The goals were coming, the Minnesota Wild were rolling, but suddenly, the momentum seemed to leave.
It wasn’t having Joel Eriksson Ek's potential second goal the game nullified by offsides— although being up 3-0 after the first period would have set the tone for the following 40 minutes — instead, that tone was set by a Ryan Hartman slashing call 25 seconds after the no-goal call.
For the NHL’s 10th most penalized team in the regular season, the Hartman slash, followed by tripping calls against Ian Cole and Kirill Kaprizov, put a cap on a brutal second period that saw the Vegas Golden Knights put up 36 shot attempts to their own 15, via NaturalStatTrick.com. The 208 penalties taken during the regular season didn’t seem to prepare them to regain some momentum coming out of those penalty kills.
You could feel the shift on the ice in favor of the Golden Knights, a disappointing turn of events, considering the solid start by the Wild that resulted in having a 15-5 edge in shot attempts at 5-on-5 in the first frame. Not to mention the two — a third temporarily — goals in the first. Head coach Dean Evason felt that shift was palpable and said as much in his post-game presser.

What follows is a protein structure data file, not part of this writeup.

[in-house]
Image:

“Biggest turning point was our penalties. I haven’t watched them all yet. It took us out of rhythm, took us out of the hockey game,” Evason said. “We got frustrated; they pushed. We had a lot of guys playing minutes in the second period and a lot of guys not. We really shot ourselves. They clearly pushed real hard. Our first [period] was as good as it gets; their second was good as it gets. But we fed into it by the penalties for sure. I think that's what probably got away from us.”
The penalties were hardly egregious, and it didn't feel like the Wild were getting jobbed by the referees. This was simply a case of circumstance, as every time the Wild would get going, they would hand an opportunity to the Golden Knights. They should be thanking their luck that the league’s eighth-worst powerplay has continued that trend into the post-season, scoring only once on ten opportunities.
“We’ll look at the penalties, the trappings, and whatever. They aren’t super undisciplined penalties clearly, but we need to avoid them so that we don't get out of rhythm.”